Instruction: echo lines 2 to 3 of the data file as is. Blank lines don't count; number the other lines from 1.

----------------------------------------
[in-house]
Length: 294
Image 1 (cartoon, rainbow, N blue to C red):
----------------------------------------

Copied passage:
Length: 294
Image 1 (cartoon, rainbow, N blue to C red):